3rd Battle of Ypres (Passchendaele) 1917
Wounded Australians, Menin Road, September 20th 1917 by official photographer James Hurley.
Battle of the Menin Road Ridge
September 9th – 26th
Better weather and extensive road repairs worked in the British favour before and during the Battle of the Menin Road Ridge. Well prepared attacks and effective use of a creeping barrage meant the British succeeded in capturing most of their objectives. It was the first involvement of Australian units (1st and 2nd AIF) in the 3rd Battle of Ypres. They sustained around 5000 casualties at Menin Road Ridge.
September 20th 1917. Death of John William Brewitt, 6th Australian Infantry Battalion, 2nd Brigade, 1st Division, Australian Imperial Force. He emigrated from Holme Pierepont, Notts. to farm in Australia, then enlisted with the AIF. He was wounded at the Battle of Poziéres but then re-joined his unit. He was killed at Menin Road Ridge but not posted as missing until after the Battle of Polygon Wood.
Other conflicts in the Ypres Salient
October 9th 1917, Elverdinghe: death of Gunner 113807 Charles Wightman Pike, 232nd Siege Battery, Royal Garrison Artillery, a law clerk from Walnut Grove, Radcliffe, who was married with two children. He was killed by the impact from an exploding shell while assisting a comrade to build a dug out (Information from De Ruvigny’s Roll of Honour). Died at Corps XVIII main dressing station near Elverdinghe, Ypres Salient, buried Solferino Farm, Brielen, age 34.
Battle of Poelcapelle
October 9th 1917
The battle was a defensive success for the Germans who recaptured much of the ground they had previously lost. Many wounded men were stranded on the battlefield due to the appalling conditions.
October 9th 1917, West Vlaanderen. Private 146 Joseph Hull, Machine Gun Guards, was killed in action, age 27. The Guards Division, XIV Corps, attacked enemy defences in front of Houlthost Forest during the night of October 9th. The Machine Gun Guards were in two groups, detailed to give overhead fire at short range on farm buildings. All objectives were taken. Three officers were killed but there is no record of the number of casualties from other ranks.
October 10th/11th. Death of Lt. William Lisle Rockley, 10th Battalion, York and Lancaster Regiment, 63rd Brigade, 37th Division, IX British Corps, 2nd Army. From July 1917, the 10th York and Lancaster Regiment fought throughout the 3rd Battle of Ypres and were present at the Battles of Pilckem Ridge, Menin Road Ridge, Polygon Wood, Broodseinde, Poelcapelle and Passchendaele. At the time of his death, William Rockley was acting adjutant. He was killed instantaneously by a shell when proceeding to the lines in the company of his CO and medical officer, the latter being dangerously wounded. His father, Lisle Rockley, created Rockley Memorial Park and its adjacent cliff walk in his memory.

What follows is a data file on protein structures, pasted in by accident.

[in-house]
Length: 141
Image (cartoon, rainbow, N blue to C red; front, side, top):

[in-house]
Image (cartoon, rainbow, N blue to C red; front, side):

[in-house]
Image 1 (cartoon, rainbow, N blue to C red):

The 1st Battle of Passchendaele took place on October 12th and was another attempt to gain the high ground around Passchendaele. Nearly a thousand New Zealand casualties were killed, wounded or stranded in the mud.
2nd Battle of Passchendaele
October 26th – November 10th 1917
British Army soldiers, presumed Sherwood Foresters, between Passchendaele and Boesinghe
(source Derby Telegraph, March 16th 2014)
The battle saw the final attack in the 3rd Battle of Ypres and capture of the high ground of Passchendaele. The Canadian Corps relieved the exhausted ANZACS and pressed forward to the town. The battle was fought in a series of stages. On October 30th, the troops were divided into a northern and southern flank with the aim of gaining a base from which to attack Passchendaele. The 63rd Division, on the southern flank, was trapped in the mud as they advanced and caught by German machine guns.
October 30th 1917, Ypres Salient. Death of Private 763130 Frederick Malsom, London Regiment (Artists Rifles), 63rd (Royal Naval) Division, who lived in Radcliffe, was killed in action, age 19 or 20. On October 7th the Artists Rifles were in training at Houtkerque farm, close to the Belgian border, until October 25th. They proceeded to Dombre Camp then Reigersberg Camp arriving there on October 27th.
From the War Diary of 1/28th County of London Regiment (Artists Rifles)
27.10.17: Advance party reported to Nelson Battalion at Irish Farm and went to the line at Albatross Farm
28.10.17: Battalion went into the line HQ at Albatross Farm taking over from Nelson Battalion.
29.10.17: Albatross Farm. In the line
30.10.17: 5.50 pm. Battalion attacked
31.10.17: Relieved by Nelson Battalion and returned to Irish Farm. Total estimated casualties for the period 28th – 31st: officers killed 6, wounded 4, other ranks killed 70, wounded 130. Missing 124.
1.11.17: Battalion moved to Poperinghe by rail, where it was joined by transport.
A report cited in the Nottinghamshire Great War Roll of Honour (original source not given) described the action in the vicinity of Albatross Farm as follows:
‘A’ Company of the Artists’ Rifles were wiped out when attacking Source Trench (which lay near a little stream then in flood called the Paddebeek) where enemy machine guns picked their targets among men held in the knee high suck of the mud.’ (from Nottinghamshire Great War Roll of Honour)
The capture of Passchendaele marked the end of the campaign in the Ypres Salient. The British diverted their resources after the rout of the Italian army at Caporetto (October 24th-November 12th 1917).
Other 1917 deaths
November 26th 1917, Roclincourt. Death of Gunner 63959 Thomas Birkby, Royal Field Artillery, 95th Brigade, 21st Division. Buried at the village of Roclincourt, just north of Arras, age 24. He was a bricklayer living in Radcliffe.
Ruins of Roclincourt. Image no. Q69006, courtesy of Imperial War Museum